Villains, Antagonists, and Everything in Between

In last week’s post, I wrote that one of the most important aspects of writing a mystery is the villain. I chose this word, instead of antagonist, because it sounds delicious.

But there are differences between the two. So here’s the definitive answer on both.

Villains are always villains.

Antagonists are always antagonists.

Sometimes villains can be antagonists.

Sometimes antagonists can be villains.

Sometimes antagonists can be protagonists.

If that didn’t clear things up for you, here’s a better explanation:

Villains are motivated by evil. Not necessarily Satan, though I suppose that could also be true. Villains are cruel and malicious by nature and resort to criminal activity. Their whole existence is to cause harm and destruction. They may feel slighted by humanity or superior to it. They may even feel their diabolical actions are a form of social justice or in the world’s best interest.

Any way you slice it, villains are always villains. They may, however, not always interfere with the sleuth’s investigation. A villain may just go about her merry way killing off all the bellringers in a local competition to atone for the murder of her ancestor over five generations before without ever thwarting the investigation because she wasn’t on the suspect radar until it was too late.

Antagonists, on the other hand, don’t have to be evil at all. They may merely oppose or try to block the sleuth from achieving his external goal, which is to solve the mystery. This can be done without breaking any laws such as by starting rumors, deliberately stalling, lying, or evading. An antagonist may have the same goal as the main character or may just want the main character not to achieve it.

An example of the difference between a villain and an antagonist in a mystery might be:

Little Timmy, seeking revenge on a classmate, causes an accident that kills the classmate. Timmy’s mother, trying to protect her son, obstructs the investigation by hiding physcial evidence and lying to the detective about Timmy’s whereabouts at the time in question.

Timmy is the villain because his motive was to cause harm out of revenge. Timmy’s mother is the antagonist because she literally opposes the sleuth–she does not want your main character to solve the mystery because it would mean something horrible for her child.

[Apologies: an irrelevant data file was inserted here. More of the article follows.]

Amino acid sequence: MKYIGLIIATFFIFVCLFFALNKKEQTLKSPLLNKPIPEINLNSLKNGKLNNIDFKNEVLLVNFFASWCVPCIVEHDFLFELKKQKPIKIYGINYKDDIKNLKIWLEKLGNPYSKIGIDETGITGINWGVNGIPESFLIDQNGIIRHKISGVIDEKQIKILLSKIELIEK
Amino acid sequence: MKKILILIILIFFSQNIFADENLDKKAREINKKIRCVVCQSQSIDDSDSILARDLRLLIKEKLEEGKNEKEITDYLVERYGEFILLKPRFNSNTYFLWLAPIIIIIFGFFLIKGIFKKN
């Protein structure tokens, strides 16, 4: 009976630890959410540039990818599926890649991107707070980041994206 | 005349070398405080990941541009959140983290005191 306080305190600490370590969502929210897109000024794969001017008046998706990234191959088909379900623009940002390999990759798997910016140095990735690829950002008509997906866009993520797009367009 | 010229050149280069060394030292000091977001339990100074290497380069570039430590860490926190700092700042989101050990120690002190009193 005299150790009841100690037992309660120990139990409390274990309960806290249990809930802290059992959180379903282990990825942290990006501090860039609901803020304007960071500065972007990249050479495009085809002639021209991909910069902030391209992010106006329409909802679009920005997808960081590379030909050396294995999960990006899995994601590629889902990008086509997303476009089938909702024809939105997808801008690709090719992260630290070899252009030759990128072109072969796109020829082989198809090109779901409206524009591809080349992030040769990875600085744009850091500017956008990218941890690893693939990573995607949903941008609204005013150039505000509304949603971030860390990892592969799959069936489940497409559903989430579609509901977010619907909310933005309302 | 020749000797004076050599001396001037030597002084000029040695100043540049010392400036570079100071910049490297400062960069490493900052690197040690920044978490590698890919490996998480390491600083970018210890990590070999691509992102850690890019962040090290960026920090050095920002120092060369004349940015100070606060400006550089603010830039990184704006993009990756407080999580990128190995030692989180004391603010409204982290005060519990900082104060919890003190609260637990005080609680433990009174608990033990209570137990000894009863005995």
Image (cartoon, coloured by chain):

Now as I said, villains can sometimes be antagonists. Not only do they commit the crime, but they lead the detective on a wild goose chase as well, perhaps taunting the sleuth with riddles, leaving false clues, and goading her into playing an “I’m smarter than you” game. Many mysteries centering on serial killers will use this device.

Villains as antagonists also love to knock your sleuth unconscious (every Nancy Drew mystery ever) in order to escape or even hold your sleuth captive.

In the same sense, you may have an antagonist who becomes a villain due to circumstances beyond her control, like feeling threatened or being exposed.

Consider a woman who stages her own disappearance in order to leave an abusive marriage. Her husband hires a private investigator to track her down. The woman’s goal is to not get caught and is in direct opposition to the P.I.’s. As the story progresses and the investigator closes in on her, the woman who is desperate and afraid she’s been recognized, murders the potential witness to prolong her freedom.

Though I’ve only seen the movie, I suspect Amazing Amy from Gone Girl is an antagonist who becomes the villain because she uses misdirection first which then escalates to murder as a means to an end.

In most mysteries, the protagonist will be a sleuth, amateur or otherwise. In capers and heists, however, the antagonist becomes the protagonist because we see the story from the thieves’ point of view. The thieves are not considered villains despite resorting to crime because they don’t steal with evil or malicious intent. They do it mostly because they can, mostly to see if they can get away with it. (And I’m sure the money it brings isn’t too bad either.) By definition, capers are lively and playful, often humorous, and you would be hard-pressed to find much more than childhood mischief as motive.

We want the thieves to succeed because the victim of the theft is usually a horrible person and deserves it, so the detective who investigates the crime becomes the adversary or antagonist.

So there you have it, the definitive answer on all things villain vs. antagonist.

Take a look at your own “bad guy.” Where does he or she fall on the scale of villainy?

Do you like your villain or antagonist more than your detective?

Do you want your villain or antagonist to get away with the crime?

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10 Things You Need to Write a Killer (or not) Mystery

If you’re thinking of breaking into the mystery market, here’s 10 things (in somewhat order of importance) you need to have.

1. A CRIME: aka The Mystery, aka Whatever Your Sleuth Has to Solve crime

The Crime wins first place in order of appearance because without it, there would be no story. Sure, some of you may balk at the idea of basing your novel on plot rather than character, but if you don’t have a handle on the who, what, where, when, why and how of your mystery, then you really have no story.

Mysteries are all about misdirection, reversals, knowing what to reveal when, and keeping your reader (and your sleuth) guessing.

And though it’s a perennial favorite, not all mysteries have to revolve around murder. (I mean, I don’t recall Nancy Drew or Scooby Doo ever stumbling over a dead body on one of their cases.) And there are plenty of other options out there, especially if you’re writing for children or are just the non-violent type (which apparently, I am not).